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October 29, 2018 4:30 PM, EDT

DTNA Outlines Broad Agenda for Commercial Vehicle Business

Commercial Vehicle Business Nielsen speaks during the media roundtable. (Joseph Terry/Transport Topics)

AUSTIN, Texas — Daimler Trucks North America recently held the first meeting of its electric vehicle customer council and will host a separate meeting soon with dozens of government agencies to discuss how to support further innovations in safety and infrastructure, President Roger Nielsen said.

The meeting is planned as the truck maker, separately, continues to expand its parts business segment for vehicles with diesel engines.

Also, DTNA — which has a leading 38% market share of Class 8 U.S. retail sales — is experiencing fewer supply constraints in building diesel trucks but is still running its supply chain “in an expedited manner,” Nielsen said.

He made his comments Oct. 29 during a media roundtable at American Trucking Associations’ annual Management Conference & Exhibition here.

Expanding its parts business is a top goal, including in the digital realm.

Pinnacle Truck Parts, its e-commerce platform for parts that debuted in 2014, “will be expanded as we go forward,” he said, integrating the company’s dealers into e-commerce distribution “and not going around them.”

The Alliance Truck Parts unit is introducing 12 new parts lines and opening up stores within DTNA dealerships to focus on sales of new and remanufactured parts and accessories for nearly all heavy-duty truck makes and models.

“And that is going well,” Nielsen said.

Alliance already has 50 parts lines, DTNA reported in July.

Parts availability is crucial in any market cycle, he said.

“It’s the fact that our customers are not just the first customers [who bought a truck] but the second, third, fourth customer looking for parts,” Nielsen said. “Most of the parts we sell are not for current production.”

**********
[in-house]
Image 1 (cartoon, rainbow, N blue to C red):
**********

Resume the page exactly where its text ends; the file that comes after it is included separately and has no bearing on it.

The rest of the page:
He added, “We have seen parts availability in the aftermarket be a rising concern, as everybody has” in parallel with booming demand for new Class 8 trucks.

For replacing low-volume parts, where it makes sense, additive manufacturing — or 3D printing — is an area DTNA is increasing to invest in, Nielsen said.

“I am really excited about the improvements there. Now, if we can get the costs down and turnaround time down, it will be more and more viable. It’s one of those technologies that continues to evolve,” he said.

DTNA’s investments in additive technology include partnering with aerospace company and jetliner manufacturer Boeing in an innovation center in Portland, Ore., where DTNA is headquartered.

“Boeing, like us, has similar problems in trying to support older, I guess you’d call them, vehicles. It’s a good partnership with them,” Nielsen said.

Meanwhile, DTNA’s electric vehicle customer council consists of its 30 top customers, he said. Besides discussing the basic technology, the recent meeting — that put customers behind the wheel — addressed the necessary charging infrastructure, available incentives to defray the cost, route planning and how to service these vehicles.

“Our customers want answers, want to know quickly what should they do. Our customers are getting pressure in certain municipalities to come up with zero or near-zero emissions vehicles,” Nielsen said, adding that experience with other alternative fuels has not always been positive.

DTNA’s medium- and heavy-duty electric vehicles will be in customers’ hands for trials within days, he said.

“The eM2 is coming out with two different battery-electric powertrains provided by two different systems integrators; the eCascadia “is common with the [Mercedes-Benz] eActros, and as we go forward we will see more and more the two with Proterra [a California-based electric bus manufacturer Daimler has invested in],” Nielsen said.

“We are not putting all our eggs in one basket; we are trying a lot of different things,” he said.

With electrified powertrains, it’s no different than diesel power. It’s all about energy consumption, he said, adding the truck maker that “wins the energy consumption race” will emerge as the market leader.

At the same time, the truck maker is “ramping up” its research center for automated vehicles and “hiring a lot of folks, engineers and thinkers,” Nielsen said.

“Level 4 will become a positive business case,” he predicted, adding more automation will improve safety.

Level 4 automation is considered to be when a truck can travel on specified highway routes with minimal human intervention.

DTNA does not foresee a time when fleets can take the driver out of the truck, he said.

“The driver provides more than hands on the steering wheel. They do a lot of other services for our customers,” Nielsen said.

The next iteration of its Detroit Assurance 4.0 safety systems package — which now includes active brake assist, adaptive cruise control and lane departure warning — will increase the level of automation now available to the driver, he added, without providing details.